In August 2016, Benefit implemented a voice-of-the-customer program, “Mirror, Mirror,” in 32 freestanding boutiques in the United States. Sales transaction files are sent to a centralized database, and Medallia uses the information to send emails containing a short survey to customers with valid emails on file within 48 hours of their visit.

The survey might say, “How was your service at Benefit Fillmore? Based on your experience, how likely are you to recommend this store?”

About 12 percent of customers complete and return the survey, Overdevest says. Their input flows through the Medallia platform to Benefit’s home-office and boutique managers.

Managers can quickly see their “Glam Factor” — Benefit’s branding of responses to “How likely are you to recommend this store?” — for a snapshot in time as well as the previous 30 days. Many members of Benefit’s field team also receive alerts through an app notifying them of each reflection.

“They engage with the platform very seamlessly,” Overdevest says. “You can slice the data how you want.”
The managers also can use the solution to respond to clients. In following up to a negative comment, a manager might say something like, “Hey, we’re sorry we didn’t meet your expectations. What can we do better? If you’re inclined, I’d love for you to email or call the store so we can chat about how to fix the situation.”

Overdevest says many store employees are diligent about following up; while employees can’t always control customers’ reactions, they can control how they respond.

“They can hopefully affect some change” and turn an unhappy experience into something positive, she says. In some cases, they’ll eliminate a charge or let the customer know she can come back for a free service.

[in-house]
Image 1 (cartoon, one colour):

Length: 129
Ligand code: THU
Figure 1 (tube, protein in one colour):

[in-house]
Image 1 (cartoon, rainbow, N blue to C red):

Employees at Benefit’s home office also review the scores. “We try to get a daily dose of what’s going on,” Overdevest says.

The process focuses employees’ mindset on being “customer-centric,” Overdevest says. The goal isn’t for employees to obsess about sales or their scores but to help them think about providing the best experience for
the customer.

“It’s, ‘How do we differentiate ourselves at Benefit? What are we providing that other brands don’t provide?’” she says.

Many of Medallia’s clients have enjoyed notable gains in sales, order value and conversion rates, among other metrics, Haswell says. Closing the loop with customers who provided negative feedback can shift them from detractors to promoters and boost their spending. Haswell says online retailers have seen conversion rates jump by 25 percent after combining insight from the web feedback with data from Google Analytics.

‘Coach in the moment’

Since the Medallia solution provides feedback within 36 hours of a client’s visit, managers can “coach in the moment,” Overdevest says. If a response is negative, managers can talk with the team about what went wrong and how they can do better. They also can praise employees when feedback shows that they’ve done well.

In rolling out the program to boutique managers, Benefit focuses on the elements they can control, namely, reaching out to customers in a personal way. “A big part of the Benefit-brand DNA is really making connections with your customers,” Overdevest says.

While employees do worry about negative feedback, Overdevest says Benefit reminds them, “Don’t focus on the score. Focus on things you can control.” Benefit rewards its staff based on these elements, such as responding to negative feedback in a positive way.

One year in, Overdevest says Benefit remains very happy with the Medallia solution. It’s apparent that listening to customers and constructively responding to feedback is effective and can “move the needle,” she says.

Karen M. Kroll is a business writer based in Minnetonka, Minn.